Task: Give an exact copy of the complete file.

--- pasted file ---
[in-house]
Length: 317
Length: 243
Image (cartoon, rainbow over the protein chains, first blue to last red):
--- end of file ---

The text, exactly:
[in-house]
Length: 317
Length: 243
Image (cartoon, rainbow over the protein chains, first blue to last red):